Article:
Saturday, May 7, 2011

Book review: Hangover Square

Most of us who read regularly have books that are on our radar for a while before we get to them. A casual reference somewhere, a review that sounded promising, having a look in a bookshop (tactile or electronic). As someone who not only reads a lot, but is always on the look-out for reading suggestions, I constantly have a bunch of books on a mental list that I mean to read sometime soon. (This is in addition to the bunch of books I have sitting on the bookshelf next to my bed that I mean to read sometime...)

Patrick Hamilton's 1941 novel Hangover Square: A story of darkest Earl's Court was one such book. As often happens with these things, I can't put my finger on where or from whom I got the idea that I should read it, but over the last couple of days, I finally have. Sometimes these long-intended books are ultimately disappointments, or simply underwhelming. Hangover Square was neither: it is a compelling, involving, even moving book.

George Harvey Bone lives in London, in 1939. He scrapes by with bits of money from here & there, rarely working, but often drinking. He has fallen in with a small group of similar people - all in their late-20s-early-30s, and all of whom enjoy drinking their nights away. Central to this group, and George's reason for sticking with them, is the beautiful Netta. George is somewhat slow, friendlier than most of his group; Netta is contemptuous, an aspiring film star. So far, nothing out of the ordinary. But George is also prone to what he calls 'dead moments', where his genial, somewhat passive, personality is replaced by one in which he realises that it is his duty to kill Netta. When his head clickes back to normal after one of these periods, he has no memory of any of these thoughts. (None of this, I should point out, is spoiler: Penguin included it in their blurb, and indeed we learn all this in the first chapter regardless.)

Hangover Square is thus a portrait of two different sides of George, neither of which is fully aware of the other. It succeeds because both work: the straightforward George chapters are a moving story about a hapless fool infatuated with an awful woman (& make no mistake: Netta is one of the least-likeable characters I have ever encountered in fiction - she treats George appallingly, taking advantage of his doglike devotion to get him to pay for her to do things intended to attract other men, and not even stooping to basic civility in her relationship with him while doing so), and also trying to break out of wasting his life away via his drinking habit. The 'dead moment' chapters give a compelling feel to a clear case of mental illness, a man who is driven to kill someone, without really knowing why. That both sections are about the same man only heightens the tension.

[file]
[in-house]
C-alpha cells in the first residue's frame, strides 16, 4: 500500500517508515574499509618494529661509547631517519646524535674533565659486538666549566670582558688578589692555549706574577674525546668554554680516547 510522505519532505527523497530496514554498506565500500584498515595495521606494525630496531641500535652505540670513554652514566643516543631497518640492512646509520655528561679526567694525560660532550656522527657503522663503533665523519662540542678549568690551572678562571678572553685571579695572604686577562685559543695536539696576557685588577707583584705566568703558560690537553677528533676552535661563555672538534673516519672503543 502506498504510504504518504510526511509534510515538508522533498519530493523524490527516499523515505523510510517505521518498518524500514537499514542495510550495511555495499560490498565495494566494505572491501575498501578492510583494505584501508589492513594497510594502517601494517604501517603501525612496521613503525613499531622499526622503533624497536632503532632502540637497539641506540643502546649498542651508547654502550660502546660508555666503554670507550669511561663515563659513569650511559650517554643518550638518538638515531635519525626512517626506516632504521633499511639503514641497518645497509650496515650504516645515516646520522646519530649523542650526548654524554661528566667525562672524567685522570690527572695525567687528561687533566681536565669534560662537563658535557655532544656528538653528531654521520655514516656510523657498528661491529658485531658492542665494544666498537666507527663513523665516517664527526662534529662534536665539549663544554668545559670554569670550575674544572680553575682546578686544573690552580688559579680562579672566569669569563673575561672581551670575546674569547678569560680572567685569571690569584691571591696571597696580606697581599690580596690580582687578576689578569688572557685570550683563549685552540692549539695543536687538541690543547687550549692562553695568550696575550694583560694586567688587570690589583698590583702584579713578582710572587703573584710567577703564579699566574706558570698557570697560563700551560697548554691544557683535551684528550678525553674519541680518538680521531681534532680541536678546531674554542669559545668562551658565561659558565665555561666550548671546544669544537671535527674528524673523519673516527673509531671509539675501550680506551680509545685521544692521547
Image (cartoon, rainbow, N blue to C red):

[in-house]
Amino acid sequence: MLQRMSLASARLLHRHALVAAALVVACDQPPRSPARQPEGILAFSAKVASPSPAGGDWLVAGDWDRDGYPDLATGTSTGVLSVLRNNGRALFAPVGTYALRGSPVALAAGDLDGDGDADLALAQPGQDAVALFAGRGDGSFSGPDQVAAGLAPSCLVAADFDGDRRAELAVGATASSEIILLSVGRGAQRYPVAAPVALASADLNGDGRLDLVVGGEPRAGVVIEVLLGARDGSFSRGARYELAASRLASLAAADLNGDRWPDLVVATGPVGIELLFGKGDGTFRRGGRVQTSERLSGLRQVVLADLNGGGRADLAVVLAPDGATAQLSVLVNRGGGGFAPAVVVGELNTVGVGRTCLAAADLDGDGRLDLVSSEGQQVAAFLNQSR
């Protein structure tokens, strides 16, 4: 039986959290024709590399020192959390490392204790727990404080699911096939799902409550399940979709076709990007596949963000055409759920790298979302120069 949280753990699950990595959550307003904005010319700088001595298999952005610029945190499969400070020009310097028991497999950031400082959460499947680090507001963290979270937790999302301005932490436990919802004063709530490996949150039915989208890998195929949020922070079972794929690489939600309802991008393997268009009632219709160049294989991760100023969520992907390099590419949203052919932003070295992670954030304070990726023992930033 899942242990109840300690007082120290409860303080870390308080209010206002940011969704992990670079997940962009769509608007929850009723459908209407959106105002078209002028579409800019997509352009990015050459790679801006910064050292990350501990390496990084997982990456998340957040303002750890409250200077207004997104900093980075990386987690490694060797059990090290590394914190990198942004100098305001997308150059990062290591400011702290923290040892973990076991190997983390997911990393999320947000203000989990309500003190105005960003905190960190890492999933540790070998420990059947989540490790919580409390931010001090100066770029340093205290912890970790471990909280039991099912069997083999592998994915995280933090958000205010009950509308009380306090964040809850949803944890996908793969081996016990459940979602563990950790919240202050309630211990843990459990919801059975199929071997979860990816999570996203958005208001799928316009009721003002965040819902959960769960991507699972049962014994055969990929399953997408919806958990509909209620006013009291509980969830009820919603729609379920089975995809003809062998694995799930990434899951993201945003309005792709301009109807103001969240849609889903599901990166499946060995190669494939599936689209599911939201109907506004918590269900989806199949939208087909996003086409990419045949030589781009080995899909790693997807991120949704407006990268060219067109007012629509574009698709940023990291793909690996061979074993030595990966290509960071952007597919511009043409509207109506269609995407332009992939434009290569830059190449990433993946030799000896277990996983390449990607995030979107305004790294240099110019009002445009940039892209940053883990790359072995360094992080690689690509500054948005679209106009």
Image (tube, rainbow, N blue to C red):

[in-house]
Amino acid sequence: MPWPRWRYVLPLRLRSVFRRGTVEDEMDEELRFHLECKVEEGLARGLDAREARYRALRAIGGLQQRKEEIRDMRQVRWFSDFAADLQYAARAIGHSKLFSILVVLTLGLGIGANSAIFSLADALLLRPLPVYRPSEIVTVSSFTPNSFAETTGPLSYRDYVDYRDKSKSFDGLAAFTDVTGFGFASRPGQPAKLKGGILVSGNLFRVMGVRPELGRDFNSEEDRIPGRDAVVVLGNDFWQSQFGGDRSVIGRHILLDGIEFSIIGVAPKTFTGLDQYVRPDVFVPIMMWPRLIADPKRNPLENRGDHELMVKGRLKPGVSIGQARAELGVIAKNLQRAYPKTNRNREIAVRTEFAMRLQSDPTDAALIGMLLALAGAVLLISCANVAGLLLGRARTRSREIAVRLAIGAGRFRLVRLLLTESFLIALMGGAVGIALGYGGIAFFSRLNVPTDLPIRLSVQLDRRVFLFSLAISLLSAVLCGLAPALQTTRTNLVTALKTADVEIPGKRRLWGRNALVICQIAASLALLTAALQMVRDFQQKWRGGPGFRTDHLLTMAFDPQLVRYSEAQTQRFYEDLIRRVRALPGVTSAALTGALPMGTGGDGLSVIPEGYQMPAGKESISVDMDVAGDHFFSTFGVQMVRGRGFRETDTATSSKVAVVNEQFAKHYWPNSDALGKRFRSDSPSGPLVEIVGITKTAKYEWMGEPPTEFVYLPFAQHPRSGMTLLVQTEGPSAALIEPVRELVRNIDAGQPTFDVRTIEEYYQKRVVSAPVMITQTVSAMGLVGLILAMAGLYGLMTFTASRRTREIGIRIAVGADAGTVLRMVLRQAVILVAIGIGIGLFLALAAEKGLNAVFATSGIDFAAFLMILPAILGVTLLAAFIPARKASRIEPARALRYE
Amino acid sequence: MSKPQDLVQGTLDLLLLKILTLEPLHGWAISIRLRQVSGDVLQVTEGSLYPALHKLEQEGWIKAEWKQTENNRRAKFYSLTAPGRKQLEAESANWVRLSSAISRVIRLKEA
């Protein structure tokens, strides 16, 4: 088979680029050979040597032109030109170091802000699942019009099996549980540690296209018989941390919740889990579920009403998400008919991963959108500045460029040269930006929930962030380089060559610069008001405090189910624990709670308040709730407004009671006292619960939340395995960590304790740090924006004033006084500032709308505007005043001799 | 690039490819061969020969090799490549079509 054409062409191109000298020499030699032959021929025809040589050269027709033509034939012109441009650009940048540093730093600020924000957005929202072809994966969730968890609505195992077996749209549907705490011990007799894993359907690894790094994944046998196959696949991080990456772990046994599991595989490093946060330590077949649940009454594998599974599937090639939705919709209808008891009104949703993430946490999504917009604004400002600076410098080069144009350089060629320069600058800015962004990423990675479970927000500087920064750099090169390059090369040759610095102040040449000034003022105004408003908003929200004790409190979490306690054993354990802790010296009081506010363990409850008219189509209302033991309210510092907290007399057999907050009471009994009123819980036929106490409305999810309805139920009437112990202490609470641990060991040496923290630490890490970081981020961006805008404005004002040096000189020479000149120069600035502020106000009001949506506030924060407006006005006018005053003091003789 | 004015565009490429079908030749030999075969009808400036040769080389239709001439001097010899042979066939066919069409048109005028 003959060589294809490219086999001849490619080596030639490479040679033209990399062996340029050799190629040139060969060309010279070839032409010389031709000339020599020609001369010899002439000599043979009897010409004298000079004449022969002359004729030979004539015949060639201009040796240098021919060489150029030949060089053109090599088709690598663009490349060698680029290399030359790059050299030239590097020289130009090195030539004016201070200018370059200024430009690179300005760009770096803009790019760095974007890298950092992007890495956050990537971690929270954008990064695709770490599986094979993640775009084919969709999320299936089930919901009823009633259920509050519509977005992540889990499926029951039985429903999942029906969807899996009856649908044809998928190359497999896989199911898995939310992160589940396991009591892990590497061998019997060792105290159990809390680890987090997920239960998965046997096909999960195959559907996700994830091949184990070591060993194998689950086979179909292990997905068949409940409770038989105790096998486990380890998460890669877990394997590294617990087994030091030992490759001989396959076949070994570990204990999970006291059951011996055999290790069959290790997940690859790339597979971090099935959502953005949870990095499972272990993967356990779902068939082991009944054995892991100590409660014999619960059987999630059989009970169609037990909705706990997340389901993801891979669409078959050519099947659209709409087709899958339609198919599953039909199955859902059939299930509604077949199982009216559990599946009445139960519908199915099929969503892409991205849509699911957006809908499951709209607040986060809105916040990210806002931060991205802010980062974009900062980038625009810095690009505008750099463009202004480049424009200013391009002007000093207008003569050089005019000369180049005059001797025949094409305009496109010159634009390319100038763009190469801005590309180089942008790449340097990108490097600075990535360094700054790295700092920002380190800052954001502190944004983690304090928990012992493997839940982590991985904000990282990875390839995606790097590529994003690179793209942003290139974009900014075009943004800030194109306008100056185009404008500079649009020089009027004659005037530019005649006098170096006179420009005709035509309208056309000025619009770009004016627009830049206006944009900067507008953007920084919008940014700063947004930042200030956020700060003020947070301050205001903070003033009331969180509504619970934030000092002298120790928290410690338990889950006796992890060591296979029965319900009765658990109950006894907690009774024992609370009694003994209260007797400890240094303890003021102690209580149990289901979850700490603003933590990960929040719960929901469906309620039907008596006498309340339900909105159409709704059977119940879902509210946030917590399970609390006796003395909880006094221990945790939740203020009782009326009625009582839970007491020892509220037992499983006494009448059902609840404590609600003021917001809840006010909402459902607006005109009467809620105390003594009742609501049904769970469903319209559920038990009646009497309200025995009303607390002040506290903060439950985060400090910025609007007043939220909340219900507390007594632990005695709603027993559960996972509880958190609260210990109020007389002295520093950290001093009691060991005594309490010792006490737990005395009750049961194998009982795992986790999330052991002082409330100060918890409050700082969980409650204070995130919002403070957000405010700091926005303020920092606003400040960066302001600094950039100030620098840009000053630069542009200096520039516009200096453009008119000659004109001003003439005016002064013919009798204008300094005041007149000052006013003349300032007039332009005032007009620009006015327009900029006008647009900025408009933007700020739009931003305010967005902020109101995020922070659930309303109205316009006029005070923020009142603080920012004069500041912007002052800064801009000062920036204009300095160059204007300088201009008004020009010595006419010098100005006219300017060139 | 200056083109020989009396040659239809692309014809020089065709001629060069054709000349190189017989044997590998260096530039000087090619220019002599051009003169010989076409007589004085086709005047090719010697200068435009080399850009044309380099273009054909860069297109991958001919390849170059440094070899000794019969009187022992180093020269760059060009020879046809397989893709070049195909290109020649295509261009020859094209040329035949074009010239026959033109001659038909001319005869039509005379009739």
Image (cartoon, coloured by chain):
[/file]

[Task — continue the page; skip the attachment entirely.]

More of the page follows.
In many ways, Hamilton has written a thoroughly modern novel - one that, with a few alterations of period detail, could have been published in the last few years. (Early on, characters treat ten pounds as a significant chunk of money, and are able to go out several nights in a row, including once to a high-class restaurant, off the haul. The imminent WWII looms over the book & characters, particularly in the last few chapters.) George, when not in his dead moments, is sympathetic despite his frustrating incapacity to ditch Netta. Hangover Square is often grim, and it will be the rare reader who finds Netta anything other than utterly despicable, but I thoroughly enjoyed it, and am glad I finally got around to reading it.

No comments:

Post a Comment